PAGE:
© The Kyoto Costume Institute, photo by Taishi Hirokawa
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Men’s suit (Jacket, Waistcoat, Breeches)
First half of 18th Century - Italy
- Jacket and waistcoat of green silk gros-de-Tours moiré; trimmed with braids and tasseled frog of gold thread; breeches of yellow and white silk brocade with floral motif.
- Inventory Number(s)
- AC11336 2005-15-1AD, AC11337 2005-15-2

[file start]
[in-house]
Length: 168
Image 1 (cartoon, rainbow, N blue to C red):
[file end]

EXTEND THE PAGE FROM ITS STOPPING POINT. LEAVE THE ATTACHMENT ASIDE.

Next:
Sumptuous eighteenth-century men’s suit. The glossy moiré effect that stands out from the green textile is produced using a horizontally-ribbed material called “gros-de-Tours” by folding the material repeatedly and passing it through a calender under pressure. The resulting textile gained a reputation of being indisputably beautiful. Gold thread is used lavishly for the braid trimmings and frog fastenings. In addition to its rarity value, gold is highly resistant to oxidation, retaining its gleam almost indefinitely. Since ancient times, these properties have made it a valuable tool for flaunting the power and wealth of the wearer. Gold thread also has a long history, and is mentioned in the Old Testament of the Bible, written long before the start of the Christian era. Gold thread takes many forms, but this particular garment includes gold flat strips and gold strips wound around yellow silk thread. The fabric used for the breeches has “bizarre” patterning. Such woven patterns were popular in England, France, and Italy around the end of the 17th Century and beginning of the 18th Century. They use asymmetric arrangements of combinations of plant patterns with elements having an oriental flavor.